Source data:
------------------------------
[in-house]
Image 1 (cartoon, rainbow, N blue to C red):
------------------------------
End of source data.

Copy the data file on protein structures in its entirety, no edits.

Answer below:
[in-house]
Image 1 (cartoon, rainbow, N blue to C red):